Data_Sheet_1_Scene Construction and Spatial Processing in Post-traumatic Stress Disorder.pdf (419.94 kB)
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Data_Sheet_1_Scene Construction and Spatial Processing in Post-traumatic Stress Disorder.pdf

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posted on 2022-06-29, 14:00 authored by Hannah Marlatte, Derek Beaton, Sarah Adler-Luzon, Lina Abo-Ahmad, Asaf Gilboa

Post-traumatic stress disorder (PTSD) is associated with hippocampal system structural and functional impairments. Neurobiological models of PTSD posit that contextual memory for traumatic events is impaired due to hippocampal system dysfunction whilst memory of sensory details is enhanced due to amygdalar impact on sensory cortices. If hippocampal system dysfunction is a core feature of PTSD, then non-traumatic hippocampal-dependent cognitive functions such as scene construction, spatial processing, and memory should also be impaired in individuals with PTSD.


Forty-six trauma survivors, half diagnosed with PTSD, performed two tasks that involved spatial processing. The first was a scene construction task which requires conjuring-up spatially coherent multimodal scenarios, completed by all participants. Twenty-six participants (PTSD: n = 13) also completed a navigation task in a virtual environment, and underwent structural T1, T2 and diffusion-tensor MRI to quantify gray and white matter integrity. We examined the relationship between spatial processing, neural integrity, and symptom severity in a multiple factor analysis.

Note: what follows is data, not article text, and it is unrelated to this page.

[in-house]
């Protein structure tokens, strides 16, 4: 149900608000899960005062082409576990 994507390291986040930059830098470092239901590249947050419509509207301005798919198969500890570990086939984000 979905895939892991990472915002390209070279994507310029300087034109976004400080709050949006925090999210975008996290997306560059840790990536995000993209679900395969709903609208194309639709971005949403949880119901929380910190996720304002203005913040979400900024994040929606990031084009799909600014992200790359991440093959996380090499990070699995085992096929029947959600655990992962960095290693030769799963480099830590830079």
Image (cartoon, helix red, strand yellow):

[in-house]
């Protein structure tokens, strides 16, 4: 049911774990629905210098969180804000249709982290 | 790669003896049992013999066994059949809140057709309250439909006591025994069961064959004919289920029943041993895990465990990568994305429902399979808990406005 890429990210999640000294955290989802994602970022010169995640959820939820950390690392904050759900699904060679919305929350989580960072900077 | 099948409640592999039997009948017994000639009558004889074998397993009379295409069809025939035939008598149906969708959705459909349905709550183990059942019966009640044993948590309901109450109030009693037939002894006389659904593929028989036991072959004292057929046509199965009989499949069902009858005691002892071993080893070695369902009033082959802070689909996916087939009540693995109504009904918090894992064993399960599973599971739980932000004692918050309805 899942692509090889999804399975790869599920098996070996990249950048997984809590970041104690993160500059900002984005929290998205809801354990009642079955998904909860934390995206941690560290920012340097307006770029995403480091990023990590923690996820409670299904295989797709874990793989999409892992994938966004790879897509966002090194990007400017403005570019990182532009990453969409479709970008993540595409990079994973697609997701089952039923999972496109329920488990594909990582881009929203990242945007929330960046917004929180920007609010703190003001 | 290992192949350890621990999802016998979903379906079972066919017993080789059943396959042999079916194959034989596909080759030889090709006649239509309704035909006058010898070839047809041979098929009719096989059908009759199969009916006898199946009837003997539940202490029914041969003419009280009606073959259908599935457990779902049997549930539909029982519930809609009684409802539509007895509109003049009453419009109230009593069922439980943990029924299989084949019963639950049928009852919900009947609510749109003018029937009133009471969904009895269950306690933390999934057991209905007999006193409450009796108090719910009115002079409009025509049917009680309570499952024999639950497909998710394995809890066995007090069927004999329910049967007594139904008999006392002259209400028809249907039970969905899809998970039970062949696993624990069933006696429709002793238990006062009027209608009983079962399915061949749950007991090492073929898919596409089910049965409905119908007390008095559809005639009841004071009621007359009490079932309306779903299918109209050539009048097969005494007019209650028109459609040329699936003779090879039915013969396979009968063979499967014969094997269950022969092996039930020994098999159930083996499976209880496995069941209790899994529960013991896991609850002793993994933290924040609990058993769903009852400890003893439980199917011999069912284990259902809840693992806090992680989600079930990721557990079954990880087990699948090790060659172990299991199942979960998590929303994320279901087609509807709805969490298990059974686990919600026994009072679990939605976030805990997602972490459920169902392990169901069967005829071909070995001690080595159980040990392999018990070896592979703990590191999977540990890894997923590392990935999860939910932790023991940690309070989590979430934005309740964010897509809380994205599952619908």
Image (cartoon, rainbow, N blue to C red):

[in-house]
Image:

Overall, patients with PTSD showed impaired performance in both tasks compared to controls. Scenes imagined by patients were less vivid, less detailed, and generated less sense of presence; importantly they had disproportionally reduced spatial coherence between details. Patients also made more errors during virtual navigation. Two components of the multiple factor analysis captured group differences. The first component explained 25% of the shared variance: participants that constructed less spatially coherent scenes also made more navigation errors and had reduced white matter integrity to long association tracts and tracts connecting the hippocampus, thalamus, and cingulate. The second component explained 20% of the variance: participants who generated fewer scene details, with less spatial coherence between them, had smaller hippocampal, parahippocampal and isthmus cingulate volumes. These participants also had increased white matter integrity to the right hippocampal cingulum bundle.


Our results suggest that patients with PTSD are impaired at imagining even neutral spatially coherent scenes and navigating through a complex spatial environment. Patients that showed reduced spatial processing more broadly had reduced hippocampal systems volumes and abnormal white matter integrity to tracts implicated in multisensory integration.